How does rising atmospheric CO2 affect marine organisms?

Click to locate material archived on our website by topic

The Urban CO2 Dome of Cotonou, Benin (West Africa)
Kelome, N.C., Leveque, J., Andreux, F., Milloux, M.-J. and Oyede, L.-M. 2006. C4 plant isotopic composition (δ13C) evidence for urban CO2 pollution in the city of Cotonou, Benin (West Africa). Science of the Total Environment 366: 439-447.

What was done
The authors explored the nature and origin of the urban CO2 dome of Cotonou - the main seaport and largest city (~1.2 million inhabitants) of the West African Republic of Benin, which is located along the coast of the Gulf of Guinea - via direct measurements of screen-level atmospheric CO2 concentration and indirect assessments based on δ13C measurements of Eleusine indica, an annual C4 goose-grass that grows randomly throughout the city at roadsides and in lawns and gardens.

What was learned
Noting that direct measurements carried out in Phoenix, Arizona, USA by Idso et al. (2001, 2002) "showed that the peak CO2 concentration in the city center was about 40% greater than that of the surrounding rural area," Kelome et al. report that "the same observation was made in Cotonou, where the mean CO2 concentration can reach 650 ppm compared to the surrounding rural area CO2 concentration of about 380 ppm." They also found that concentrations as high as 900 ppm were periodically obtained in Cotonou's "main trade center, the industrial zone, the harbor area, and the main crossroads in high traffic zones," as well as at a site where "waste collected all over the city is accumulated in marshy zones and burned."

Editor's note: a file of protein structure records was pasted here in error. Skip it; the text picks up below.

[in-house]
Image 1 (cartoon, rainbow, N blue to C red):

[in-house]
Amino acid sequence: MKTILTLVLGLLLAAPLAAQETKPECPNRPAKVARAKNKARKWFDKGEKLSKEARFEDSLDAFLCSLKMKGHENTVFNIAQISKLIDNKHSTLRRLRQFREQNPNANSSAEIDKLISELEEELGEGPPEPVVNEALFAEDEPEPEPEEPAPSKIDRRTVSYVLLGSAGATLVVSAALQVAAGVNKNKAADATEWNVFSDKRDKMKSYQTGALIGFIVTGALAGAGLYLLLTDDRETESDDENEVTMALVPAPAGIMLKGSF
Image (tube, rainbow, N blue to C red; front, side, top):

Based on their δ13C measurements of Eleusine indica, the five researchers determined that the amount of fossil fuel carbon assimilated by the plants was as great as 20-22% of total plant carbon content in the most polluted areas of the city; and they report that "the proportion of anthropogenic CO2 is positively correlated with the number of polluting vehicles."

What it means
The findings of this study mesh well with those obtained from Phoenix, Arizona, USA, as well as Other Cities around the world, increasing our confidence in the nature and origin of the urban CO2 dome phenomenon. In addition, Kelome et al. suggest that "using Eleusine indica as an indicator provides a useful tool to monitor the sequestration of fossil fuel CO2 in urban vegetation."

Idso, C.D., Idso, S.B. and Balling Jr., R.C. 2001. An intensive two-week study of an urban CO2 dome. Atmospheric Environment 35: 995-1000.

Idso, S.B., Idso, C.D. and Balling Jr., R.C. 2002. Seasonal and diurnal variations of near-surface atmospheric CO2 concentrations within a residential sector of the urban CO2 dome of Phoenix, AZ, USA. Atmospheric Environment 36: 1655-1660.

Reviewed 1 November 2006